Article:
Approaching the genomics of risk-taking behavior.

Research output: Chapter in Book/Report/Conference proceedingChapter

Abstract

Individual animals differ in their propensity to engage in dangerous situations, or in their risk-taking behavior. There is a heritable basis to some of this variation, but the environment plays an important role in shaping individuals' risk-taking propensity as well. This chapter describes some of the challenges in studying the genetic basis of individual differences in risk-taking behavior, arguing new insights will emerge from studies which take a whole-genome approach and which simultaneously consider both genetic and environmental influences on the behavior. The availability of genomic tools for three-spined stickleback, a small fish renowned for its variable behavior, opens up new possibilities for studying the genetic basis of natural, adaptive variation in risk-taking behavior. After introducing the general biology of sticklebacks, the chapter summarizes the existing literature on the genetic and environmental influences on risk-taking behavior, and describes the overall strategy that our group is taking to identify inherited and environmentally responsive genes related to risk-taking behavior in this species. Insights gleaned from such studies will be relevant to our understanding of similar behaviors in other organisms, including ourselves.

Original languageEnglish (US)
Title of host publicationAdvances in genetics
Pages83-104
Number of pages22
Volume68
DOIs
StatePublished - 2009

Fingerprint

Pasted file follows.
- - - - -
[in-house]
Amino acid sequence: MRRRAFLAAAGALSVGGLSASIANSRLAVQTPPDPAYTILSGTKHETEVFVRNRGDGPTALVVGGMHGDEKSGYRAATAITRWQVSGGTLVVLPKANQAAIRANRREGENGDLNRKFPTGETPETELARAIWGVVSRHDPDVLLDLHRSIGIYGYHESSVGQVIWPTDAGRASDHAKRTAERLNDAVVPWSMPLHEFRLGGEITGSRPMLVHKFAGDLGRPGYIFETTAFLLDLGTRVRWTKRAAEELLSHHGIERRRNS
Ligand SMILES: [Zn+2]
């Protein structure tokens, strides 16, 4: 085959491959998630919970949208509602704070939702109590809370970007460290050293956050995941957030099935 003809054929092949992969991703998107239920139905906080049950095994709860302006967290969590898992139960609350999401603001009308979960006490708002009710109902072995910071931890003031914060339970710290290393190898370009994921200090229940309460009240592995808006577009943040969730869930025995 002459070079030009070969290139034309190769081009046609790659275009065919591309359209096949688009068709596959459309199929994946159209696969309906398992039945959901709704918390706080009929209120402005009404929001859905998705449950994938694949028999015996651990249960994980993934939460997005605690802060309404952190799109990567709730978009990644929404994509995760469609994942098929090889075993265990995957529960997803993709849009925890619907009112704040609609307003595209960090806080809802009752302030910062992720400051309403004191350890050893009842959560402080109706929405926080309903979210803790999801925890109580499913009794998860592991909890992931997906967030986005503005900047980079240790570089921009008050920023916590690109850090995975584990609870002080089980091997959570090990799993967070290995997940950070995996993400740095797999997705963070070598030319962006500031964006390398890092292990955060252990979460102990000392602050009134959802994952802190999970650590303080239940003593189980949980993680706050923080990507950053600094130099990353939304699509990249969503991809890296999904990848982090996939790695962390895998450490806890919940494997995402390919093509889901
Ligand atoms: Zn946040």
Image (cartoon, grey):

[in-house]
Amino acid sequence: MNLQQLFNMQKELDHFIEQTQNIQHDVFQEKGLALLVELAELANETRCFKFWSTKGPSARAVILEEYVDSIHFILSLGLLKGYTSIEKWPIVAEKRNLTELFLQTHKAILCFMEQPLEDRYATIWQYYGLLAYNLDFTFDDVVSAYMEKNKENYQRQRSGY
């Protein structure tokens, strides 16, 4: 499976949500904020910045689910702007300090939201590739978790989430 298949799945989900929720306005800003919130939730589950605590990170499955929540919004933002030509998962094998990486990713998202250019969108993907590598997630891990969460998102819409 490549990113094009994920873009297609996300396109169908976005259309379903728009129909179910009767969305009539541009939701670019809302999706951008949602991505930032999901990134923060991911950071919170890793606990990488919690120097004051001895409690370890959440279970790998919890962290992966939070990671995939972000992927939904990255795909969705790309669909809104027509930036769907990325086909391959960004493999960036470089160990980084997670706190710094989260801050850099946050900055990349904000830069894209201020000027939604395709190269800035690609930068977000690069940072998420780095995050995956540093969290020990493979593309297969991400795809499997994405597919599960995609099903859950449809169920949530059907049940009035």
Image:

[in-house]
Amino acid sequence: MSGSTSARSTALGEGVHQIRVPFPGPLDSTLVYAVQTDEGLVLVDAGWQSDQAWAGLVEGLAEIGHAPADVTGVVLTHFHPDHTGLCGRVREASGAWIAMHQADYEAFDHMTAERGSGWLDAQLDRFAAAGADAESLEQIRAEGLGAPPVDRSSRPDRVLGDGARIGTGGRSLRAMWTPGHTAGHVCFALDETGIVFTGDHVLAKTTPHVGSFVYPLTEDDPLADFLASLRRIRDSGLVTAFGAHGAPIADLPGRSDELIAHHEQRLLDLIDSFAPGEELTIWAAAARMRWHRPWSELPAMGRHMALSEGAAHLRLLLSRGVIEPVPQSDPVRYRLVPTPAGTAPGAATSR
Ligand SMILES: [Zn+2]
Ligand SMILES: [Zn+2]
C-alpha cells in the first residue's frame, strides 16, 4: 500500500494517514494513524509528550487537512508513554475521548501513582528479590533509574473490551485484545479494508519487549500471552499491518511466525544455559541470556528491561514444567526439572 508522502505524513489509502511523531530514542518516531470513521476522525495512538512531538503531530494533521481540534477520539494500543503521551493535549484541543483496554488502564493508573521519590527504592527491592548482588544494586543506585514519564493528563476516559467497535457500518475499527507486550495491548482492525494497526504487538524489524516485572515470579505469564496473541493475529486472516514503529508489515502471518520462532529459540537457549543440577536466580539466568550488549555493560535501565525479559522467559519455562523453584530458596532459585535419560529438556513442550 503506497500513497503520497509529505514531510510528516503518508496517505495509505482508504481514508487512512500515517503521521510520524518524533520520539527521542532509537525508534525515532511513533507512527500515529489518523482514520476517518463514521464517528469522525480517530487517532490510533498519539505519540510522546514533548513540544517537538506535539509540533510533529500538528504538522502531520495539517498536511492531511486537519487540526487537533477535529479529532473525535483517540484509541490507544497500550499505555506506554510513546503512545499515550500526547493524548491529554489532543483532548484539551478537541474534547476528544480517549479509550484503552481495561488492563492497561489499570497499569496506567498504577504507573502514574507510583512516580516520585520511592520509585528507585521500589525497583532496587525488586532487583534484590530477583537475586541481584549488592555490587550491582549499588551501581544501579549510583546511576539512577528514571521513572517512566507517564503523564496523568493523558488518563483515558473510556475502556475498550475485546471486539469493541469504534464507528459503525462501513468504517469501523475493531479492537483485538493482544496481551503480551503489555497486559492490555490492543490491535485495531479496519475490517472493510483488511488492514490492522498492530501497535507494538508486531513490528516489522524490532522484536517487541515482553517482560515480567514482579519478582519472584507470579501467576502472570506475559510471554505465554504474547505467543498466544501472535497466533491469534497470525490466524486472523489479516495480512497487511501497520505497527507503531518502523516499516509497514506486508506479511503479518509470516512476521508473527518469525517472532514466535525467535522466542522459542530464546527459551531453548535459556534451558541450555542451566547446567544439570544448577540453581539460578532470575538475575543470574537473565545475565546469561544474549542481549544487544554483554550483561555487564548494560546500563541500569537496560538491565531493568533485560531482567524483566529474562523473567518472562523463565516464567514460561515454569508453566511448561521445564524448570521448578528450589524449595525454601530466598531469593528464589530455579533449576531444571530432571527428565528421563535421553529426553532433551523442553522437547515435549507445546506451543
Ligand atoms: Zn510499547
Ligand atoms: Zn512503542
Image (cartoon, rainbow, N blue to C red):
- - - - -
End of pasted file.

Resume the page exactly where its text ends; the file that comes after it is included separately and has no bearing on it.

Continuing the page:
Risk-Taking
Genomics
Smegmamorpha
Individuality
Fishes
Genome
Genes

ASJC Scopus subject areas

  • Genetics

Cite this

Approaching the genomics of risk-taking behavior. / Bell, Alison Marie.

Advances in genetics. Vol. 68 2009. p. 83-104.

Research output: Chapter in Book/Report/Conference proceedingChapter

Bell, Alison Marie. / Approaching the genomics of risk-taking behavior. Advances in genetics. Vol. 68 2009. pp. 83-104
@inbook{4eac98da129f4dbd9101d9b9be45e262,
title = "Approaching the genomics of risk-taking behavior.",
abstract = "Individual animals differ in their propensity to engage in dangerous situations, or in their risk-taking behavior. There is a heritable basis to some of this variation, but the environment plays an important role in shaping individuals' risk-taking propensity as well. This chapter describes some of the challenges in studying the genetic basis of individual differences in risk-taking behavior, arguing new insights will emerge from studies which take a whole-genome approach and which simultaneously consider both genetic and environmental influences on the behavior. The availability of genomic tools for three-spined stickleback, a small fish renowned for its variable behavior, opens up new possibilities for studying the genetic basis of natural, adaptive variation in risk-taking behavior. After introducing the general biology of sticklebacks, the chapter summarizes the existing literature on the genetic and environmental influences on risk-taking behavior, and describes the overall strategy that our group is taking to identify inherited and environmentally responsive genes related to risk-taking behavior in this species. Insights gleaned from such studies will be relevant to our understanding of similar behaviors in other organisms, including ourselves.",